1. Ryan Elder
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    Ryan Elder Contributing Member

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    Is this legal scenario too implausible?

    Discussion in 'Plot Development' started by Ryan Elder, Feb 23, 2016.

    For my story, they I wrote it so far is that the main character, is a cop obsessed with finding out who the villains are behind a master scheme and finding out the truth.

    One of members of the gang of villains went to court for his crimes, but got off for insufficient evidence. The MC, trying to find out who the leader of the gang is, figures that the leader could have likely paid for the defendant's attorney, since the defendant does not have a lot of money to afford such a high prices attorney.

    Now legally the police cannot get a warrant to find out who paid the lawyer. They would have to look at the lawyer's bank records, and legally the police cannot do that to any person, unless that person is suspected of crime. Of course, in this case, the lawyer is not since all he did was accept a paid service of defense.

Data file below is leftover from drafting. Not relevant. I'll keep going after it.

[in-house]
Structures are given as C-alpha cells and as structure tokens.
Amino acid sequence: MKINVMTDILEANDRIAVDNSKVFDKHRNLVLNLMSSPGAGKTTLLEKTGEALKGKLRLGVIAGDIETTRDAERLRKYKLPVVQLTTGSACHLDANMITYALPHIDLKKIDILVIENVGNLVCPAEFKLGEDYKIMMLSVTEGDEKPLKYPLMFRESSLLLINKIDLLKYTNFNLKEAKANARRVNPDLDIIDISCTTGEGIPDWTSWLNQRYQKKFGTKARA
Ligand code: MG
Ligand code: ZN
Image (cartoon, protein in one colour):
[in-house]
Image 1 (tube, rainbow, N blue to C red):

So the main character blackmails a computer hacker criminal, into hacking to the lawyer's records and email to find out who paid him. The MC finds out who did, and figures that this person could be the leader of the gang.

    So the MC tails that person around for days, and finally witnesses him kill another character in the story, clean up the crime scene and get away.

    The MC cannot stop him or arrest him for it though. Since the MC discovered the leader's identity by committing a felony, any testimony of his would be considered 'fruit of the poisonous tree', and not be admissible in court.

    So the MC, has to keep quiet, cause if he tells his superiors who the murderer was, and how he discovered that person's identity, he will forever be a tainted witness, and would not be of any good in his quest to bring the villains down.

    So he can't tell the police and has to think of something else. As the villain leaves the crime scene, I wrote it so far, that the MC perhaps cuts off the dead victim's head, and takes off with it.

    He will then have to wait for an opportunity to plant the head at the villain's property. Or he will have to create the opportunity himself, and then arrange for it to be found by other police. Because then the head is found on the villain's property through legal, legitimate discovery and thus, there is a piece of evidence, to link the villain to that homicide.

    But I was told it was implausible, cause the head would not have any of the villain's DNA or prints on, since he was careful enough to not leave any DNA or prints at the murder scene before.

    Therefore the villain could argue in court that the MC planted the head, and arranged for it to be found and framed him... and that would be enough to raise reasonable doubt and the villain would go free, unless the MC finds a way to get DNA and prints on the head.